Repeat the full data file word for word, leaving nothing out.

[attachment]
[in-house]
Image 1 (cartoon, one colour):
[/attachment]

[in-house]
Image 1 (cartoon, one colour):